Sharing Notes from a Production

Dancers Nagalakshmi from Singapore and Apeksha Kamath from Bangalore share common dance experiences and memories.

Nagalakshmi and Apeksha had the privilege of sharing energies recently for Apsaras Arts’ production Arisi: Rice, which premiered in Singapore at the Esplanade- Theatres on the Bay in November 2022.

That, needless to say, became the starting point of their conversation. They began their talk reminiscing their experiences on working for this magnum opus of a production. Apeksha travelled from India to Singapore to work in this production and she acknowledged that this overseas experience, working and dancing with dancers from across cultures was a once-in-a- lifetime kind of experience. She also praised Apsaras Arts’ company organisers and the dance team for taking care of her needs and she didn’t have to worry about anything; her sole purpose was to dance, which she enjoyed a lot.

When asked about her experiences of working with other dancers from India, Nagalaskhmi said that this was one of the biggest groups that she has worked with and she felt very comfortable right from day one. They hit it off together from the start. Nagalakshmi acknowledged that the company dancers learnt a lot from the dancers from India and also the Balinese dancers too. This led to the two discussing the similarities of Bharatanatyam and Kechak dances.

Nagalashmi then posed an interesting question to Apeksha about the cultural differences in India and Singapore. Apeksha said that she didn’t find much difference based on the time spent with dancers in Singapore and those in India, as they were all fully engaged and discussing dance, full time. “I was very much at home,” said Apeksha, “Although I haven’t stayed long enough to be able to comment on cultural differences.”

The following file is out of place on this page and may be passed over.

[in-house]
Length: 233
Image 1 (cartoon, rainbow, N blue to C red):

Apeksha also mentioned she is a fan of SIngapore as they (four dancers from India) loved the city. She was in awe of how safe the city is, even at 11:30pm and how they could all venture out carefree.
When Nagalaskshmi asked Apeksha about the most challenging part of working for Arisi, Apeksha conceded that surprisingly it was not the dancing part but about figuring out seven hours of sleep, not because they didn’t have the time but because of the adrenaline rush and the late night coffee and conversations that kept them awake and invigorated. “I’d say they have been some of the most enjoyable days of my life,” Apeksha said.

Apeksha asked Nagalakshmi about how different it was for her working on Arisi compared to other productions of Apsaras Arts. Nagalakshmi replied that her first work with Apsaras Arts was Amara, which was a digital recording. Then came Nirmanika where she worked with dancers from Singapore. “Arisi was a huge production with dancers from India and Bali,” said Nagalakshmi, “And I learnt so much about Balinese dance, how similar it is to Bharatanatyam and their dances in Arisi were mesmerizing, packed with energy.”

This led Nagalakshmi to her next question for Apeksha about how she learnt the entire dance in such a short span of time. The Singapore dancers had learnt it earlier but the Indian dancers had to catch up pretty quickly. “I was initially not sure of which style to follow,” Apeksha said, “As there were four dancers from India, and all four have different gurus and the style of dancing of the Singapore dancers was also quite different. It was a little hard and we didn’t yet have a clear picture of the whole production.So we initially learnt only our specific sections and we knew that once we’d reach Singapore, everything would fall in place.” And it did! All’s well that ends well!

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Devata: Guardians of Dance

BLK D Goodman Arts Centre

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